As we predicted she would, Beyonce leads the Grammy nominations with nine, including a sweep of the general field with three bids in the top contests: Album of the Year (“Lemonade”), Record of the Year (“Formation”) and Song of the Year (“Formation”). Her AOTY bid for “Lemonade” follows two previous noms in that category for “I Am … Sasha Fierce” (2009) and “Beyonce” (2014). Though she is one of the most awarded artists of all time with 20 Grammy victories, only one of those has been in the general field: Song of the Year for “Single Ladies (Put a Ring On It)” (2009). Can she finally take those lemons and make “Lemonade”? Check out the complete list of nominations here.
Adele also picked up three bids in the general field, out of five nominations total: Album of the Year (“25”), Record of the Year (“Hello”) and Song of the Year (“Hello”). The last time she was nominated in those categories she won them all: in 2011 she claimed Album for “21” and Record and Song for her chart-topping hit “Rolling in the Deep.” In fact, Adele hasn’t lost a single Grammy contest since 2009, and she has only lost three nominations in her entire career, having won 10 out of 13 overall.
Joining Beyonce and Adele in the Album of the Year race is Drake for his chart-topping “Views.” This is the fourth AOTY nom for the Canadian rap artist, but it’s his first time nominated for his own album. He previously contended as a featured guest on Rihanna‘s “Loud” (2011), Kendrick Lamar‘s “Good Kid, m.A.A.d City” (2013) and Beyonce’s self-titled album (2014). Drake also contends with Rihanna for Record of the Year for their collaboration “Work.”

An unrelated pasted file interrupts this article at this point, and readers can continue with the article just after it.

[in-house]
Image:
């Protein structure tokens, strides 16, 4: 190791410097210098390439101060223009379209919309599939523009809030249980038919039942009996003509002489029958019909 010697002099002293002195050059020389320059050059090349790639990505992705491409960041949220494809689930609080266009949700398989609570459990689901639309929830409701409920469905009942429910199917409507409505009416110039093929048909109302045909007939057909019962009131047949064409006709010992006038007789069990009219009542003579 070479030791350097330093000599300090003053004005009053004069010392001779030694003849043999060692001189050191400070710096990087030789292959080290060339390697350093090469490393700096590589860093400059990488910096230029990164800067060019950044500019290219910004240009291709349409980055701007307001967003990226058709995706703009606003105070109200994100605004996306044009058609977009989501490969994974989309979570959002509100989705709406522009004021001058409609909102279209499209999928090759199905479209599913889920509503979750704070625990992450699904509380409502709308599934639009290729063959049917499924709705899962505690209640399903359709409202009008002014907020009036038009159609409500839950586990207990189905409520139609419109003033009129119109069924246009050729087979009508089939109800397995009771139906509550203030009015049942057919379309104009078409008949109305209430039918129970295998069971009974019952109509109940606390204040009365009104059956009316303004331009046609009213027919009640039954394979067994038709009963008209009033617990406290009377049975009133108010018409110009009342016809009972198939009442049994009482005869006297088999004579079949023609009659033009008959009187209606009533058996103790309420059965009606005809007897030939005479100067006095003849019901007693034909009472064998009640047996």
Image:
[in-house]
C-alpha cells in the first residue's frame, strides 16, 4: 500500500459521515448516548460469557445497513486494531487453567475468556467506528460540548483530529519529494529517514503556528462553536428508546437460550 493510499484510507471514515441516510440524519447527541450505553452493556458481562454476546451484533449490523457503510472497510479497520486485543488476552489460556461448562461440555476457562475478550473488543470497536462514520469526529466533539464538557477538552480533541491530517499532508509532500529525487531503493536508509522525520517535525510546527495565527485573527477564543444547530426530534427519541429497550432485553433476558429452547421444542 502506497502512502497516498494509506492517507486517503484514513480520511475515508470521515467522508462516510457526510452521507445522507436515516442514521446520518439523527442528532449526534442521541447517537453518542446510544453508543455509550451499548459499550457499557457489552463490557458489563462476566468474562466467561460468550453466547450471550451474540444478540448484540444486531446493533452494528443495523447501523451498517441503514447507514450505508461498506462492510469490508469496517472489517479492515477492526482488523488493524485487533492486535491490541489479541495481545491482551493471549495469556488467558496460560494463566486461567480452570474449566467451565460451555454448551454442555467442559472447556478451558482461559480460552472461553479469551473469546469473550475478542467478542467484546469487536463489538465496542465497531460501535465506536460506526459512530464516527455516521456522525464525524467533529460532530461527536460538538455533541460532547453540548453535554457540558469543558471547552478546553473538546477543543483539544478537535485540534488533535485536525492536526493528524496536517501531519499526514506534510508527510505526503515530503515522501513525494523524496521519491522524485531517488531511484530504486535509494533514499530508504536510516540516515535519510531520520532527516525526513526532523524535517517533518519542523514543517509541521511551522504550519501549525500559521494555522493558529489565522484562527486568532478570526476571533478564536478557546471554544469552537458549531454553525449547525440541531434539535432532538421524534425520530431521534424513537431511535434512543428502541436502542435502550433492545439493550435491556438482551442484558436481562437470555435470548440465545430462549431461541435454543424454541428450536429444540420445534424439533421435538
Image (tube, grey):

Drake has an impressive eight noms overall, which ties him with Rihanna and Kanye West as the second most nominated artist this year. Best New Artist contender Chance the Rapper is next in line with seven bids.
Justin Bieber surprised us with a nomination for Album of the Year for “Purpose,” his fourth studio album and his first to contend in the Grammys’ top category. He was nominated for Best New Artist back in 2010, but he didn’t win any category until 2015 when he claimed Best Dance Recording for “Where Are U Now.” He has four nominations, also including Song of the Year for “Love Yourself.”
Rounding out the Album of the Year contest is its biggest surprise, “A Sailor’s Guide to Earth by Sturgill Simpson. His only other nomination this year is Best Country Album.
Recording academy president Neil Portnow said in a statement, “Just as we see emerging musicians experimenting, we’re also seeing established artists resisting what’s expected of them and, instead, embracing the creative freedom they’ve been afforded through their success, blurring the lines between music’s mainstream and artistic edge.”